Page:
Bloodbraid Elf: Not much to say here. The card is not even that broken, but giving another tool to a deck that is already tier 1 seems pointless.
Green Sun’s Zenith: Definitely a card I love, but I do not see how it helps either traditional aggro or traditional control: giving a new tool to midrange and combo decks is not what we should be looking for.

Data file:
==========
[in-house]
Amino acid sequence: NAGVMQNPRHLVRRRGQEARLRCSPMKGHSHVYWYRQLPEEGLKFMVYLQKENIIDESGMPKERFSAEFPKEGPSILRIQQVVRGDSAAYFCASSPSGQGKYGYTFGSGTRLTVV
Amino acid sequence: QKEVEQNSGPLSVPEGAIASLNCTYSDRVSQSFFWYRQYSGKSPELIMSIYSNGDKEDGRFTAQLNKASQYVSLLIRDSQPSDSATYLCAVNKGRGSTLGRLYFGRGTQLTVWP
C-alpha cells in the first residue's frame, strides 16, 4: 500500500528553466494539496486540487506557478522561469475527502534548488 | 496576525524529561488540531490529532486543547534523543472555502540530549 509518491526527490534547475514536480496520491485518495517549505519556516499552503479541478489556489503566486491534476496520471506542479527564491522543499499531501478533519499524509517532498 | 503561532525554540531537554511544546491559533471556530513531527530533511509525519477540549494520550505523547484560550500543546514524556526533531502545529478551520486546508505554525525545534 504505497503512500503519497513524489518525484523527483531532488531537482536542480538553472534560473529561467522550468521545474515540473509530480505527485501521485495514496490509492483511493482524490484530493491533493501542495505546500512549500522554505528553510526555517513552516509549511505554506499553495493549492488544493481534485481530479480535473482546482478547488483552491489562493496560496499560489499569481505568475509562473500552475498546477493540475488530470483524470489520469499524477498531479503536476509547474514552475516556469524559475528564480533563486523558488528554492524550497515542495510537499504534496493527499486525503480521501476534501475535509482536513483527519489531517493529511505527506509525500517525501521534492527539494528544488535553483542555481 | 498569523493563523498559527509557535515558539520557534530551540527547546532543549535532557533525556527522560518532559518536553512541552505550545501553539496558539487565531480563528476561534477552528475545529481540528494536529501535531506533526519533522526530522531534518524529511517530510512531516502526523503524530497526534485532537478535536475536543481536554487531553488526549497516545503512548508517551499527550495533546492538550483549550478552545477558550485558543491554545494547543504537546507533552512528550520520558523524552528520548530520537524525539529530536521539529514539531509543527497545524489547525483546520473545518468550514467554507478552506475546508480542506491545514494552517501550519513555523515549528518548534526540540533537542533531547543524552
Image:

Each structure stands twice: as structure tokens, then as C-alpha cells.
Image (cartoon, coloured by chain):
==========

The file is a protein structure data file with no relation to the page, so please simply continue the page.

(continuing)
Jace, the Mind Sculptor: Yeah, I said it. Unbanning Jace is at least worth considering: the four mana cost is a huge liability in Modern, and Jace by itself is not even as powerful as the less expensive Birthing Pod. Historically, Jace the Mind Sculptor has not been dominant in the former extended format, and the Faeries list back then usually did not even bother playing it. Still, Jace poses two threats: first, there is a very real risk for abuse, mostly due to the presence of miracles from Avacyn Restored, which is especially true in a midrange metagame. Second, card availability would probably become a major issue if the card was actually good (which it would obviously be, do not get me wrong), which should be enough to restrain Wizard from giving it a try.